Review: AAW Nightingale – Planar Birdy

AAW Nightingale


Prior to the Nightingale I have only experienced full sized planar magnetic headphones. I have always liked what I heard, headphones like the Empyrean, the Ether 2 or the Diana Phi have brought smiles to my face and I was very curious to find out how AAW has tuned a 15mm planar driver. Make sure the Nightingale isn’t underpowered, as you will lose a lot in terms of performance. Most DAPs aren’t up for the task in my opinion, Nightingale needs good and proper power to shine.

Nightingale indeed has very nice extension on both ends of the spectrum. It goes low into the sub-bass, but doesn’t really focus on it. There is a good foundation in its deepest of lows, but the star of the show clearly lies further north in the frequency response. Mid and upper bass are certainly more in favor of the Nightingale, as they are more forward.

Bass has excellent body and weight. There is good resolution and texture, but to me it could use a portion more speed, as it seems a bit slow and relaxed for some faster genres. If you’re a fan of Electronica, you might find the same. Bass is a little looser, but still controlled.

AAW Nightingale

AAW Nightingale

Mids are well proportioned and like bass, have great texture. There is good body in all instruments, vocals do seem slightly distant, but not so much that there would be a problem with them. Lower midrange has very nice resolution and to me stands out the most from the entire midrange. Female singers fall a bit behind here and miss some of the finesse of the lower mids. Especially when there is a good bit going on in the bass segment, it seems that upper registers might need some help coming through.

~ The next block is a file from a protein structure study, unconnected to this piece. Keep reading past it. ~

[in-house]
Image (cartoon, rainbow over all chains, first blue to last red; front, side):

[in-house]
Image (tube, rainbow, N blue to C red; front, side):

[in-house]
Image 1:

The sound stage has good dimensions, but seems a bit compressed to me. Some vocalists and instruments could use more space to breathe. Imaging however is really nice and well achieved, as the instruments are separated with care. The resolution is good, but not the best out there. The same can be said about its ability to bring out fine details of the sound.

Treble is more laid back and lacks a bit of energy, but it still brings out decent sparkle. The warm/darkish base tonality however doesn’t give highs the articulation needed for some genres, but it certainly isn’t completely cut off or lost. Treble at times does come across as slightly veiled, but has no issues with harshness or sibilance.

Nightingale is a very forgiving monitor, that won’t tell you all the flaws of your files, but rather it covers them up and presents you with a listenable sound.

AAW Nightingale

AAW Nightingale

Aftermarket Cables:

AAW ships the Nightingale with the very nice Tiburon copper cable by Null Audio. If you’re after tweaking the sound a little, you might want to consider replacing the cable with one of the many choices you can find in the portable-audiophile world.

Effect Audio – Leonidas II

The Leonidas II is my weapon of choice for testing out cables on new monitors. I have yet to find an IEM it doesn’t suit well and the Nightingale is no exception.